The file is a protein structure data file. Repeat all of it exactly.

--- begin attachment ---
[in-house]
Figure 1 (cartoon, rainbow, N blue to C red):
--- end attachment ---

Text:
[in-house]
Figure 1 (cartoon, rainbow, N blue to C red):